“No act of kindness, no matter how small, is ever wasted.”
— The Lion and the Mouse
November is national gratitude month! The holidays are just around the corner, reminding us that this is the best time to show gratitude for all the blessings in our lives. But being grateful goes beyond simply saying “thank you.” That’s why Summit is observing National Gratitude Month and encouraging it in students to be thankful. Teaching a child about gratitude not only creates good manners, but promotes a healthy lifestyle and mindset and a better attitude about school. Below are six tips for instilling the gratitude in your student at home and in the classroom.
- Dedicate time each day to have your student think and reflect on all they have to be thankful for. It could be anything from siblings to a favorite teacher to simply the air that they breathe. The possibilities are endless!
- Start a gratitude journal. Every day, have your student write down at least one thing they are grateful for. Over time, they will have manifested a fantastic new habit and a thoughtful record of all their many blessings.
- Pass out thank you notes. Handwritten thank-you notes are the perfect way for students to express gratitude and make the recipient’s day. And while it’s more than appropriate to send notes as a follow-up to birthdays and other special occasions, encourage students to write thank-you notes for the people in their day-to-day lives.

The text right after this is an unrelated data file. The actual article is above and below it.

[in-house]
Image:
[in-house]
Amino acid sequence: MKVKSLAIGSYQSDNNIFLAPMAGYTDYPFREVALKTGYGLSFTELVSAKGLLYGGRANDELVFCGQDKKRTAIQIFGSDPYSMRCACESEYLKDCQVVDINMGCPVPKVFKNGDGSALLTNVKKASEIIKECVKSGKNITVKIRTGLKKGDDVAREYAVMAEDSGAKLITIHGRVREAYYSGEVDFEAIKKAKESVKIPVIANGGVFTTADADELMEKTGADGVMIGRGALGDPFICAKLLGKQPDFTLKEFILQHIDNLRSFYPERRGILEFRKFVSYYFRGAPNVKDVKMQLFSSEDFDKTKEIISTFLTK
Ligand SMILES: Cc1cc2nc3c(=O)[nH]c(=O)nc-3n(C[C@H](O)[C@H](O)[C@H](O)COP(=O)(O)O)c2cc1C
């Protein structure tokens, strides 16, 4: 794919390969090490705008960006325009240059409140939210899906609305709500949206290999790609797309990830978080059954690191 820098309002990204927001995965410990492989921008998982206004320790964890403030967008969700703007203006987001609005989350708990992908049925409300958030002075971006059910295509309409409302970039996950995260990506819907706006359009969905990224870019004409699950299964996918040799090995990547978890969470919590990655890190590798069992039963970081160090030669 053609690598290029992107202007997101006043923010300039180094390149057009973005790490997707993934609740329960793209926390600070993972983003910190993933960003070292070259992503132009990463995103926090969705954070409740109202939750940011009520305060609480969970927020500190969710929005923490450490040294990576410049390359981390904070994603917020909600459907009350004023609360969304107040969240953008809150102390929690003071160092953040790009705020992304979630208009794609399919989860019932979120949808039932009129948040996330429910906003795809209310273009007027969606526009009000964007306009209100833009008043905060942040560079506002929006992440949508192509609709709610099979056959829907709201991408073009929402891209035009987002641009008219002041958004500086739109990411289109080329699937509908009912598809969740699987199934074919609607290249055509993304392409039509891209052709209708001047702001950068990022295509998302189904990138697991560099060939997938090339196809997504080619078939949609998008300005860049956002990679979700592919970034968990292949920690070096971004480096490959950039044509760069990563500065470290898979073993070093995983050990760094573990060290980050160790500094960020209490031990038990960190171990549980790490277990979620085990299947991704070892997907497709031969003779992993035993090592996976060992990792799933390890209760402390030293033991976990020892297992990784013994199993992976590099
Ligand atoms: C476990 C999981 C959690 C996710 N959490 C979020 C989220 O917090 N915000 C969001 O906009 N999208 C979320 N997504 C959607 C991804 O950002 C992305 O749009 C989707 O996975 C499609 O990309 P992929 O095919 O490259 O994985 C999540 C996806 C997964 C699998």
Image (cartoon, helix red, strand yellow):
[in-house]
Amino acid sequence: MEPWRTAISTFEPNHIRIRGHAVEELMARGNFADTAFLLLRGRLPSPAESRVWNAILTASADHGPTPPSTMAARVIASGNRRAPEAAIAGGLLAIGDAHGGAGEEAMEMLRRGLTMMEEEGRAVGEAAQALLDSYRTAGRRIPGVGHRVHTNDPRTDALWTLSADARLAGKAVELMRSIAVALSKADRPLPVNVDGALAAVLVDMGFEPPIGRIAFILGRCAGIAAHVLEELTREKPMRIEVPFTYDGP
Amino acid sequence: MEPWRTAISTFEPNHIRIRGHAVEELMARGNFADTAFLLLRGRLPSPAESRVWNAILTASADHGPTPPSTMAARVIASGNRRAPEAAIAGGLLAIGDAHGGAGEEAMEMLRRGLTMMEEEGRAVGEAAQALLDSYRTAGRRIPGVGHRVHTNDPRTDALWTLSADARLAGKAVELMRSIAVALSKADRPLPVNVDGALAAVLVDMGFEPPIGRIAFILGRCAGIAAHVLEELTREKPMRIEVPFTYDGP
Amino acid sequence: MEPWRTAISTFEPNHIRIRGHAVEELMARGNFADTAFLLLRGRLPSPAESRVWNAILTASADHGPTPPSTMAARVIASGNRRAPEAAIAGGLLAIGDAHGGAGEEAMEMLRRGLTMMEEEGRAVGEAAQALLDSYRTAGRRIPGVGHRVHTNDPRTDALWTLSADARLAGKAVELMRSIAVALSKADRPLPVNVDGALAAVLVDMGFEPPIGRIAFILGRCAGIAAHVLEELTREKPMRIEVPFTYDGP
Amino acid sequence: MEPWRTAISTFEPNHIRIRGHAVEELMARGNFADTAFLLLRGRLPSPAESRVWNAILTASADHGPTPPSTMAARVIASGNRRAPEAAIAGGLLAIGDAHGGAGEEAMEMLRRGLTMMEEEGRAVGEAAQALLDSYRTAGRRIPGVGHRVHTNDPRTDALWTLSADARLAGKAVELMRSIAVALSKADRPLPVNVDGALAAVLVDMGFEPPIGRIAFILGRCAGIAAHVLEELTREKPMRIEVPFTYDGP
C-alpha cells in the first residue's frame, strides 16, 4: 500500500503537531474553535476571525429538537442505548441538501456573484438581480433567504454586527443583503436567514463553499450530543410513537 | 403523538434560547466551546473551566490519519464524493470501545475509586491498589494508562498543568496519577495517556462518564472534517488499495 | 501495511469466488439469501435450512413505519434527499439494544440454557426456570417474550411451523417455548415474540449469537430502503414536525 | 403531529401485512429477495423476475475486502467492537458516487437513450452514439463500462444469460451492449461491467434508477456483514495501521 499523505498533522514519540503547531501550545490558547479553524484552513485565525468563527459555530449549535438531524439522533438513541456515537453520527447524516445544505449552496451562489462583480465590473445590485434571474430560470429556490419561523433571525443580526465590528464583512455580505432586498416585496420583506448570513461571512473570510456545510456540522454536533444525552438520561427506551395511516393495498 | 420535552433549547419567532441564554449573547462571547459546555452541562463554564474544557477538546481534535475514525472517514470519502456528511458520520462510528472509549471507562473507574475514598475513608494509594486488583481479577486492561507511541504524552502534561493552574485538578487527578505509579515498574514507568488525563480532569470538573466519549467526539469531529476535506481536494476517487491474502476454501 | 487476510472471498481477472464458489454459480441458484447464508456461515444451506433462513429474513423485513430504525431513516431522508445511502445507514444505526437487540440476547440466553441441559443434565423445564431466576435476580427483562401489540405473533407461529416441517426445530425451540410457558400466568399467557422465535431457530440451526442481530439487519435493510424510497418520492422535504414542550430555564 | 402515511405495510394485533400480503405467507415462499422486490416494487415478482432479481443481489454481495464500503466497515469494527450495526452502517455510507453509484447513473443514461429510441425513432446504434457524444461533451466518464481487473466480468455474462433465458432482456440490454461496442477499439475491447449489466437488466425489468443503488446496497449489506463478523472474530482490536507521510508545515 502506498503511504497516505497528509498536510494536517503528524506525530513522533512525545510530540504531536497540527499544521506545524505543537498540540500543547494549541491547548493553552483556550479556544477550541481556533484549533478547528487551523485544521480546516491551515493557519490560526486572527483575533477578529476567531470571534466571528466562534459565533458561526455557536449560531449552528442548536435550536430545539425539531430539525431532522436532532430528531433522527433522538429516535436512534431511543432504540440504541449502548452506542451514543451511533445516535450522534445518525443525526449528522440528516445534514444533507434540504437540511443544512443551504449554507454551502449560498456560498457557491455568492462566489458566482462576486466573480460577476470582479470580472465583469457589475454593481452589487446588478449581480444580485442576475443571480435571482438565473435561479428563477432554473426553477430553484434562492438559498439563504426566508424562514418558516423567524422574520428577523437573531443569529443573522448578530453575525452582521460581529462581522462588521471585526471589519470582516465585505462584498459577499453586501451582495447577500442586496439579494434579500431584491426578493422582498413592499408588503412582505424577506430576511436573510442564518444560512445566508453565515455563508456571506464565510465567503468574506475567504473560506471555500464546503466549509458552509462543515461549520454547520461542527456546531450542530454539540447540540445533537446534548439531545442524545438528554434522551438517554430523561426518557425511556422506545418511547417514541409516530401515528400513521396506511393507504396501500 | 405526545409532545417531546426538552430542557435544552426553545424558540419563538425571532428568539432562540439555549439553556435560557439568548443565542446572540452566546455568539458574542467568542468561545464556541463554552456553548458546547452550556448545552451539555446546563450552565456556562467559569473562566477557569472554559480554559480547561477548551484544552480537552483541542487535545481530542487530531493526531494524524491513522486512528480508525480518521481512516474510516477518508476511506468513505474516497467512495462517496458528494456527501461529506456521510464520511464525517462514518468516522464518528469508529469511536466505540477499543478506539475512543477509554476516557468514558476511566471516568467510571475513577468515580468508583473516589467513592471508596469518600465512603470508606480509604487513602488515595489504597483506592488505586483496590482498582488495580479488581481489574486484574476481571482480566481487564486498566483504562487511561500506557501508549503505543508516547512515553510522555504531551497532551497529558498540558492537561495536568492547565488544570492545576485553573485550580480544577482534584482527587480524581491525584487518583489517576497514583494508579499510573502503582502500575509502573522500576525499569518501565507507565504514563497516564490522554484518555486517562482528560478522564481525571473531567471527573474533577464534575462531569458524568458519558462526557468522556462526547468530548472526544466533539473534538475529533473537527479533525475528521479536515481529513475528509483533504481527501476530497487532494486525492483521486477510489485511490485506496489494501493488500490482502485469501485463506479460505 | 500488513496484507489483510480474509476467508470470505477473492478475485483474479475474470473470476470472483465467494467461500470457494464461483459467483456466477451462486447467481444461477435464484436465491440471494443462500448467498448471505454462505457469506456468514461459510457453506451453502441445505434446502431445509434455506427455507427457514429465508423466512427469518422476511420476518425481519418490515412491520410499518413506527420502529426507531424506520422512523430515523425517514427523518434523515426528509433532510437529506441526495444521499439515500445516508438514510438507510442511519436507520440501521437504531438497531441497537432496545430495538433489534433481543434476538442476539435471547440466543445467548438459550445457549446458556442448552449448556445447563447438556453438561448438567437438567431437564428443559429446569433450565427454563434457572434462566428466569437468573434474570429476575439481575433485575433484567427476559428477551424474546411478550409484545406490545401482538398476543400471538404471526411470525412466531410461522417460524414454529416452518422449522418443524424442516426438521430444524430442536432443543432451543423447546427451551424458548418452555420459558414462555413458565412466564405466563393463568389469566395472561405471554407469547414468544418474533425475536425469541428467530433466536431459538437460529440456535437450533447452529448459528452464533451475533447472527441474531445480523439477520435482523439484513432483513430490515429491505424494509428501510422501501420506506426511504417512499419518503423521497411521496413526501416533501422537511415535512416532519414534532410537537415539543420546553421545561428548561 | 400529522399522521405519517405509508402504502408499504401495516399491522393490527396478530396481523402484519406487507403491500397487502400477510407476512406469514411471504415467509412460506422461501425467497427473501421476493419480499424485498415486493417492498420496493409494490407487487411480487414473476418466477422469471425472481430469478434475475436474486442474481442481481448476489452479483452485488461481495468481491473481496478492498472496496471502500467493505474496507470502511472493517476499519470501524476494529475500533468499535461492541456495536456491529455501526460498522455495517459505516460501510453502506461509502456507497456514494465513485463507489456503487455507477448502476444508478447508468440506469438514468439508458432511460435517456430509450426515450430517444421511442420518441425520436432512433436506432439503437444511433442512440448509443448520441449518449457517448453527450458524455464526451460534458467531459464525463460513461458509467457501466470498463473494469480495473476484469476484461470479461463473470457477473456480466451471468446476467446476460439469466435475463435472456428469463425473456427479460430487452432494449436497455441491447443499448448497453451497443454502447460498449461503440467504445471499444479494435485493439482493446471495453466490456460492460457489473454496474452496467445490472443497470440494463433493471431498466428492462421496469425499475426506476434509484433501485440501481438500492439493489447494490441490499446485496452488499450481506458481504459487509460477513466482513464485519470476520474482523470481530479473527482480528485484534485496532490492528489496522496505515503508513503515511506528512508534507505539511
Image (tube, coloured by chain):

- Teach your student to appreciate the “unsung heroes” in their life. From the bus driver to the crossing guard to the cafeteria worker, there are unlimited opportunities to recognize and thank those who have done something special for them each day while asking for nothing in return.
- Take the time to help others. When students give their time and energy to help others, they’re less likely to take what they have for granted. There are plenty of opportunities and outlets to help from raking leaves for an elderly neighbor to volunteering at a nursing home a few hours a week to donating old toys and clothes to the less fortunate. Remember the old saying, it’s better to give than to receive
- Set the example. When students see us expressing sincere thanks as part of our daily life, they’ll be more inclined to do so as well. And be patient. Children can’t be coaxed into showing appreciation, but your efforts and examples will instill gratitude as a way of life.
Show Us Your Gratitude
Summit wants to see how you are showing your gratitude this month. Tell us on our social media sites (LINK HERE) using the hashtag #NationalGratitudeMonth. We may feature you in a future Summit Newsletter!
Sources include MargaretPage.com, NationalDayCalendar.com, Parents.com